8 March 2020 | Tennis Australia
Billie Jean King’s inspirational efforts in founding the WTA in the 1973 on the principle of equal opportunities for women in sport has long been one of the most significant chapters in the history of the sport.
But the WTA legend’s commitment to equality was sparked many years earlier, when she experienced an epiphany while looking around tennis courts as a 13-year-old and said to herself: “Everyone is white. Where is everyone else?”
King related that important turning point as the keynote speaker at the Change Our Game International Women’s Day Lunch in Melbourne on 6 March, which was hosted by the Victorian Government’s Office for Women in Sport and Recreation.
She recalled this moment as a driver for her change, remarking that “everyone deserves an opportunity” and that “girls are taught to be perfect and boys are taught to be brave (which is) not right for either gender”.
While offering a terrific reflection on her tennis career and extensive advocacy for gender equality, King also delivered a call to action for women (and men) to keep pushing for equality and women to be able to “live their dreams”.
There was also an important acknowledgment of the legacy of Australian players Judy Tegart Dalton and Kerry Melville Reid, the only non-American members of the “Original 9” group of women, whose brave efforts helped established the WTA.
“Every Australian tennis player should kiss their feet every day they see them,” said King. “Without them, they would not be getting the big cheques standing there at the Australian Open.”
The group’s founding principles that any girl should in the world get a chance to play, should be appreciated for her accomplishments and should be able to make a living in tennis are now a happy reality for many women on tour.
Asked if women’s sport has measured up to those important early expectations, King noted the many opportunities to build on current levels of success. “I always hope for more, because I’m a perfectionist. I certainly want more than we have,” she said.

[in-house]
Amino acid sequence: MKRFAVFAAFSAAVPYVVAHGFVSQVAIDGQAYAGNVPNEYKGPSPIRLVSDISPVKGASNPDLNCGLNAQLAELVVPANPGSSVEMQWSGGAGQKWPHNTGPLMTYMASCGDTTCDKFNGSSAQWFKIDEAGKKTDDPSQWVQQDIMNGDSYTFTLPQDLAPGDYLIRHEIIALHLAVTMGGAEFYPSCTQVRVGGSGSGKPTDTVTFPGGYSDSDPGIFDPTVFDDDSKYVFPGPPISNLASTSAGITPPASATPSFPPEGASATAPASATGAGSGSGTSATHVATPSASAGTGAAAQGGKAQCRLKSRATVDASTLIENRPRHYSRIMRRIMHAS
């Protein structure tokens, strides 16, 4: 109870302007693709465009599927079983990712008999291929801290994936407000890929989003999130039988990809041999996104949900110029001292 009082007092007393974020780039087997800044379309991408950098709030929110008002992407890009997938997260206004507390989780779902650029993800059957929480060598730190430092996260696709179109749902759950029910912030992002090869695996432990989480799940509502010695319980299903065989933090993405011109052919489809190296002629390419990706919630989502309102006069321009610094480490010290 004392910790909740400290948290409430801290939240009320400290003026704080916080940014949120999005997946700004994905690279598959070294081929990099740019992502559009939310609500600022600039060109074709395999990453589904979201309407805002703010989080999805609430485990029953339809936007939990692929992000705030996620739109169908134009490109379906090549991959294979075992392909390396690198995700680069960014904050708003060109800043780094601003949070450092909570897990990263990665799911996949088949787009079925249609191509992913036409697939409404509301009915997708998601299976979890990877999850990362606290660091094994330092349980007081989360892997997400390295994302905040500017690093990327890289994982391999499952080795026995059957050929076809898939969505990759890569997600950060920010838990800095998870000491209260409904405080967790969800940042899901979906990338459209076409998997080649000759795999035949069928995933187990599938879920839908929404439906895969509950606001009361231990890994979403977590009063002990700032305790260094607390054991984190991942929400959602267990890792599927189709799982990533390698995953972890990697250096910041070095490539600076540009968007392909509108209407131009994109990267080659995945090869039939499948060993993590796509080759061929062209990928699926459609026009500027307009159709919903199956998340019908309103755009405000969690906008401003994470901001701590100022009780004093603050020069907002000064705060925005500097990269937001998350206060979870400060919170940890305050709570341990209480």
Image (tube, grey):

“But gosh, there’s been a real surge in the last two years. We are just starting to see change happening now.”
Hrdlicka: Shared values secret to success
A culture of support, shared values and the constant quest for improvement were among the key messages of a welcome address delivered by Tennis Australia chair Jayne Hrdlicka at the Global Victoria Women’s Business Summit (GVw 2020), hosted by the Victorian Government.
“You need people who you can lean on when things don’t go right the way they should. And when someone who means well but does wrong needs to be pulled up on,” Hrdlicka related.
“If you find yourself in an environment where you’re not with people who share your values and you’re not with people who will back you up, then you have to have the courage to leave.”
Jayne Hrdlicka at the inaugural GVw2020 summit.
It’s proven a successful approach for Hrdlicka, the first female to lead Tennis Australia in the organisation’s long history. Also a highly successful businesswoman, Hrdlicka was among many influential figures to participate at the inaugural all-women business summit.
Running from 5-8 March, the Victorian Government initiative – which was timed to coincide with International Women’s Day – welcomed delegates from 19 countries to connect and exchange ideas with Victorian leaders in sport, STEM, medtech, transport and infrastructure, international business and government and champion a gender-inclusive business world.
While sharing the journey of her professional life, Hrdlicka also related the challenges she has experienced and the consequent lessons she has taken away.
They included the ability to handle setbacks and criticism, which helps build strength. Hrdlicka related that ultimately, women need to be stronger, more resilient and tougher in order to be as accomplished as men.
There’s an equally critical necessity for women to stay true to themselves, listen to others and adapt as situations demand. But the most important message, Hrdlicka related to delegates, is that happiness and success comes down to them.
“Your journey of working hard only produces great results if you’re working on yourself the whole way through,” Hrdlicka stressed.